Moraiba Mata a tax professional at H&R Block, inputs clients tax information in Miami, Fla.
Moraiba Mata a tax professional at H&R Block, inputs clients tax information in Miami, Fla. - 
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Paying taxes is generally regarded as every American's least favorite activity in April. It's an angst-ridden experience -- so much so that more than half of us now pay someone else to do it for us. Still, there's a hefty chunk of the U.S. tax bill that goes unpaid each year -- about $450 billion.

"Most of the non-collected money, for example, could be tracked and hunted down if you went and required small businesses to really report everything about their activity," says Austan Goolsbee, a former White House economist. "But nobody wants to do that because it would be so onerous and such a pain in the rear for small business owners that, as a policy decision, they don't want to do it."

So how can we close that gap and make paying for government a little more ... fun?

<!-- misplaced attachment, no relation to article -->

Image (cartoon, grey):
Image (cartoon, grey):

Stephen Dubner looked at the work of a small British government unit called the Behavioral Insights Team, which uses the work of behavioral economists and other social scientists to inform new public policy initiatives. Among the experiments are small, cheap nudges, like changing the way people are asked to pay their taxes. In one trial, a note was handwritten on some letters saying, "This is important."

In another, there was an appeal to the herd mentality in all of us. "We simply tell people something, which is true -- we check by the way that it is true -- which is nine out of 10 people in Britain pay their tax on time," says the unit's director, David Halpern. "By putting that single bit of information into the top of a letter, it makes people much more likely themselves to pay the tax on time."

Dubner also talks to the psychology professor Dan Ariely, who says that people would feel better about paying their taxes if they could direct a small portion of their payment to the parts of government that they care most about.